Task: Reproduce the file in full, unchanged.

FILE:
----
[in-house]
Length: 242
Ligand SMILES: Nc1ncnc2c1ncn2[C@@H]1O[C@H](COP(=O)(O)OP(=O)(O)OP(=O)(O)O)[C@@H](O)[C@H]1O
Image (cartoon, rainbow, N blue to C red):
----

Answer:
[in-house]
Length: 242
Ligand SMILES: Nc1ncnc2c1ncn2[C@@H]1O[C@H](COP(=O)(O)OP(=O)(O)OP(=O)(O)O)[C@@H](O)[C@H]1O
Image (cartoon, rainbow, N blue to C red):